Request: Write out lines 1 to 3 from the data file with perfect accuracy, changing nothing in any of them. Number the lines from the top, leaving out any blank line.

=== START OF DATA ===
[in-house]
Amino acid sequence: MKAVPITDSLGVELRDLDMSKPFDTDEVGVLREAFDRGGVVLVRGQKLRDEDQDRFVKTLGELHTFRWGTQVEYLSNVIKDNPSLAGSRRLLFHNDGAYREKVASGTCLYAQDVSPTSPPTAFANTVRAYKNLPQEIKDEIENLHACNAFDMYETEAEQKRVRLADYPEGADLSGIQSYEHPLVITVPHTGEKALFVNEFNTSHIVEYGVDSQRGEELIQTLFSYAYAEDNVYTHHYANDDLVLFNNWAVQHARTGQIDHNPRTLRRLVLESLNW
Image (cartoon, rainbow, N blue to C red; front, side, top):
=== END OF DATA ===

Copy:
[in-house]
Amino acid sequence: MKAVPITDSLGVELRDLDMSKPFDTDEVGVLREAFDRGGVVLVRGQKLRDEDQDRFVKTLGELHTFRWGTQVEYLSNVIKDNPSLAGSRRLLFHNDGAYREKVASGTCLYAQDVSPTSPPTAFANTVRAYKNLPQEIKDEIENLHACNAFDMYETEAEQKRVRLADYPEGADLSGIQSYEHPLVITVPHTGEKALFVNEFNTSHIVEYGVDSQRGEELIQTLFSYAYAEDNVYTHHYANDDLVLFNNWAVQHARTGQIDHNPRTLRRLVLESLNW
Image (cartoon, rainbow, N blue to C red; front, side, top):